I love how Rowlandson draws details of every day life that no longer exists: the maid choosing a new door mat and another maid scrubbing the front stoop, while she is ogled by an old man. In ‘Earthen-Ware,’ a lady of quality inspects the pots and bowls for sale. This is a straightforward depiction of merchants trying to make a sale, one in which I can readily imagine Jane Austen as the customer. This public domain image was taken from this link on the British Library website.

 

Image of a lady selling poodle pups to a couple in Rowlandson's characteristic Sketches of the Lower Orders, intended as a companion to the New Picture of London.

One of the sweeter drawings in Rowlandson’s book. Public domain image from the British Library/

One can learn so much from these illustrations about early 19th century London and a life once lived and now lost. Heartbreaking scenes (such as those with the chimney sweepers and coal heavers) are interspersed with a sweet depiction of a young gardener showing his wares to a pretty woman or a funny scene of a woman crying “sweet lavender” while holding a screaming baby. These images help me understand Jane Austen’s London experiences better, while making me appreciate the sheer artistry of the man who created them.

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Fashion Plate (Afternoon Dress for Decr. 1800) LACMA M.86.266.37Just as fire was the centerpiece of most evening gatherings in Jane Austen’s time, candles also played a vital role in Regency life and culture. Today, family members work or read in separate rooms in the evening and go to bed at different times (due to the advent of electricity), but people in Austen’s day lived differently: They sat together to read books, write letters, and socialize in the evening—all by candlelight.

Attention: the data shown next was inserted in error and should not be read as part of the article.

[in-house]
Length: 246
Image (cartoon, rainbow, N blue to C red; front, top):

As readers, we should consider Austen’s evening scenes with a careful eye to the lighting. Dinners, dances, card games, and music were all undertaken by candlelight. Many of our favorite scenes—in which Austen brings her heroines and heroes, villains and vicars to life—take place in the evening. Candlelit rooms provide the perfect spot for Emma and Frank Churchill to gossip, for Fanny to sink into the shadows unnoticed, for Lydia and Kitty to romp with the officers, and for Anne Elliot to hide her tears at the piano while the others dance. Indeed, when Darcy watches Elizabeth and Caroline Bingley walking around the drawing-room and quips that their “figures appear to the greatest advantage in walking,” (PP 56) he watches them walk by candlelight after dinner and tea (served later in the evening). Austen uses candle-power (or the lack thereof) to communicate the rank and financial status of her characters as well as set the stage for some of her best scenes.

Candles in Regency Life